Cox Proportional Hazards Model: Example 3 - Models for Recurrent Event Data

Multiple event or recurrent event data is an extension of the single event model. Cancer patients are an example of those subjects that can experience multiple events, that is, the cancer goes into remission and then at a later time can reoccur. In this example, we will look at the different ways we can analyze recurrent event data in Statistica.

The data set for this example, Psoriasis.sta, is taken from Kabat-Zinn et al. (1998) and contains the results of a study that investigated stress reduction techniques in the treatment of psoriasis. There are many ways to analyze this type of data. We will discuss four types of methods. In order to account for the correlation within subjects, the Lin and Wei robust estimator of the covariance matrix is used.

Open the example data file Psoriasis.sta, and start the Cox Proportional Hazards module. Following are instructions to do this from the ribbon bar and from the classic menus.

Ribbon bar. Select the Home tab. In the File group, click the Open arrow, and select Open Examples to display the Open a Statistica Data File dialog box. The data set is located in the Datasets folder.

Next, on the Statistics tab, in the Advanced/Multivariate group, click the Advanced Models arrow and select Cox Proportional Hazards to display the Cox Proportional Hazards Regression dialog box.

Classic menus. From the File menu, select Open Examples to display the Open a Statistica Data File dialog box. Psoriasis.sta is located in the Datasets folder.   

Next, from the Statistics - Advanced Linear/Nonlinear submenu, select Cox Proportional Hazards Models.

AG Model

The first model that is considered is the AG (Anderson-Gill) or counting process model. This model treats events within a subject as independent and does not distinguish between the first event versus subsequent events.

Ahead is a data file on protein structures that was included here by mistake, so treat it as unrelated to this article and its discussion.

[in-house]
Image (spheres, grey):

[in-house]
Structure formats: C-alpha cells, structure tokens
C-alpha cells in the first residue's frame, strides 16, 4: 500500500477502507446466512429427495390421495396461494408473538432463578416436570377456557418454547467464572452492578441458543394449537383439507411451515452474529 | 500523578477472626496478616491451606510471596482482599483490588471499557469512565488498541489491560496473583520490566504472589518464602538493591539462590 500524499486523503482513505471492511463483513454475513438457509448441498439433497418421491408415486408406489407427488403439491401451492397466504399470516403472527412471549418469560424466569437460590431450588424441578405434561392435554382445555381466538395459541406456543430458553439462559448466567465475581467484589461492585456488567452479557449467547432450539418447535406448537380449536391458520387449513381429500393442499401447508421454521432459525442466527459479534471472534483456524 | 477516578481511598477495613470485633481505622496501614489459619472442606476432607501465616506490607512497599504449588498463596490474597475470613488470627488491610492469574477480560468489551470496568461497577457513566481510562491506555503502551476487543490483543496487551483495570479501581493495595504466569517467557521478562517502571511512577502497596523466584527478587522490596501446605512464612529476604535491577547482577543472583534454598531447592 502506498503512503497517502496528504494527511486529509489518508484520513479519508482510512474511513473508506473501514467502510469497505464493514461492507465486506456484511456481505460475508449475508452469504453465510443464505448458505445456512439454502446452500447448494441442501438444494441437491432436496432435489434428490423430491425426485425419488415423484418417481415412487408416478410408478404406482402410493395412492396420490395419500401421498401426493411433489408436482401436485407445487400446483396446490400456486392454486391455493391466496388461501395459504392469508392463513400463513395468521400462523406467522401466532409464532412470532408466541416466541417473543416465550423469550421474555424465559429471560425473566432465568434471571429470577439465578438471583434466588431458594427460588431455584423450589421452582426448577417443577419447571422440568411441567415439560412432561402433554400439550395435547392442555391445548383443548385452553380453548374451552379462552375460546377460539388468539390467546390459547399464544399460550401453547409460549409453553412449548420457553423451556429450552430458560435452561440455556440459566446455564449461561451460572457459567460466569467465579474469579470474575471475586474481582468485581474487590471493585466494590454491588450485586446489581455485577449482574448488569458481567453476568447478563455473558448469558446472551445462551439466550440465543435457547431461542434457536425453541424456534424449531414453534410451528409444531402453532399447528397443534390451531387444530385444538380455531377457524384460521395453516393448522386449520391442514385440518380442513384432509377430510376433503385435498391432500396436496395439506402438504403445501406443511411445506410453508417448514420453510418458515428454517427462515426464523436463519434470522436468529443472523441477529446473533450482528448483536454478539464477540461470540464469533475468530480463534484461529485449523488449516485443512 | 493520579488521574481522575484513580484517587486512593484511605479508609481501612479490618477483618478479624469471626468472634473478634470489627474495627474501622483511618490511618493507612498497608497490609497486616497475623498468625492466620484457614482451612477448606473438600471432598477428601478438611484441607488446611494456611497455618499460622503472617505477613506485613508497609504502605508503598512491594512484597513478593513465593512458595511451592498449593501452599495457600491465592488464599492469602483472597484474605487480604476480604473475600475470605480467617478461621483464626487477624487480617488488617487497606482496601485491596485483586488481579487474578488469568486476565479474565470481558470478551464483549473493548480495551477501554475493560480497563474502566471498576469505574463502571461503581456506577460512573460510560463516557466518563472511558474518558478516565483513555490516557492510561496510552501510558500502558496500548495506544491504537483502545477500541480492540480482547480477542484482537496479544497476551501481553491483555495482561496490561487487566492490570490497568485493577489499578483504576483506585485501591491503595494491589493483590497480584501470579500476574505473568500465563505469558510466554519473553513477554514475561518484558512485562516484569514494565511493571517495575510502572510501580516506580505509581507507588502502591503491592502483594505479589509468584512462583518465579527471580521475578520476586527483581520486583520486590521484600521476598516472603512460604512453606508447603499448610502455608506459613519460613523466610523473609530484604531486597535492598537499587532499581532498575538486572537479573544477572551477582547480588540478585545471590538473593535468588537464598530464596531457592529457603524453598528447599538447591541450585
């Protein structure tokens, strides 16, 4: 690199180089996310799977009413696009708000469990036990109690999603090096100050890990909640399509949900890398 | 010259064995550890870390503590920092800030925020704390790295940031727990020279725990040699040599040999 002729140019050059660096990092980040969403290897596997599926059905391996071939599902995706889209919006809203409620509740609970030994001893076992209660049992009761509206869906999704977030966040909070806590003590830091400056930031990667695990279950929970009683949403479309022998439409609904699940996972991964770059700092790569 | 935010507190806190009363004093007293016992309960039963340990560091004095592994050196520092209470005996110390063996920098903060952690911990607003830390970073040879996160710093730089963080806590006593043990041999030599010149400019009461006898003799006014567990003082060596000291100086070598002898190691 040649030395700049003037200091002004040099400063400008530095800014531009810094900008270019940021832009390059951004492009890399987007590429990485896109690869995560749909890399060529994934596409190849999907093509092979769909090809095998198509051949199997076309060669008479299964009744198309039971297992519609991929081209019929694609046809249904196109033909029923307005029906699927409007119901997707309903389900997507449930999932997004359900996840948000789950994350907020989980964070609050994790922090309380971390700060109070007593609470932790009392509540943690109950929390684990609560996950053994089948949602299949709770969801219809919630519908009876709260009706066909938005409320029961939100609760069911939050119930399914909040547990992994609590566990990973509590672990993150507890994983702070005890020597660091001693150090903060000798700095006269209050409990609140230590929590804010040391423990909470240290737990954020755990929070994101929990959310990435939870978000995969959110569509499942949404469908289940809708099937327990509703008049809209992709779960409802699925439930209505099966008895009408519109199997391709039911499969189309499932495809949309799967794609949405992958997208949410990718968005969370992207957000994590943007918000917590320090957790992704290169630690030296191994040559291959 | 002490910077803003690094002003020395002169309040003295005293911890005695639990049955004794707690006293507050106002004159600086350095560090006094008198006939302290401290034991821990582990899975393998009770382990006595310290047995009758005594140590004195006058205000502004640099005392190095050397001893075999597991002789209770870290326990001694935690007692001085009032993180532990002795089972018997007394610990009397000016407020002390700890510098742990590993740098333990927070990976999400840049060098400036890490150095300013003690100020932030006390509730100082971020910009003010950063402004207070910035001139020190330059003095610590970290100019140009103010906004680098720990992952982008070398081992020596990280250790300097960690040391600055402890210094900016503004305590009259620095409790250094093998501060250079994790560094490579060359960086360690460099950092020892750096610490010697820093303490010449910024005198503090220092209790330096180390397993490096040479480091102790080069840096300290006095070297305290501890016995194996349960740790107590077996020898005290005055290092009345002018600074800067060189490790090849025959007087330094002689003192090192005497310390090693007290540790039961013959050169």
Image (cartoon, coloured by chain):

In the Cox Proportional Hazards Regression dialog box, on the Quick tab, in the Input type group box, select the Counting process style of input (start, stop, censor, covariates, factors) option button.

Click the Variables button, and select variables as shown in the following image.

Click OK in the variable selection dialog box.  

Specify the codes for the complete and censored values. Enter a value of 1 for the Code for complete responses and a value of 0 for the Code for censored responses.

Select the Options tab. Select the Robust variance estimator check box, and click the Subject button. In the Select a subject variable dialog box, select variable 1 - ID.

Click OK in the variable selection dialog box.

Click OK in the Cox Proportional Hazards Regression dialog box to run the analysis and display the Cox Proportional Hazards Results dialog box.

On the Quick tab, click the Parameter estimates button to produce the coefficients for the AG model.

PWP Models

The next two models were suggested by Prentice, Williams, and Peterson (1981). Both are referred to as conditional models. They are conditional in the sense that a subject is not considered at risk for the k+1 th event until the kth event has occurred. In both models, subjects are stratified by event number. The PWP-CP (CP stands for conditional probability) model uses the actual time the event occurs, whereas, the PWP-GT (GT stands for gap-time) model uses the time since the last event. Both models can be estimated using the stratified proportional hazards model.  

PWP-CP Model

We will continue to use the Psoriasis.sta data file. Return to the Cox Proportional Hazards Regression dialog box (click the Modify button in the Cox Proportional Hazards Results dialog box).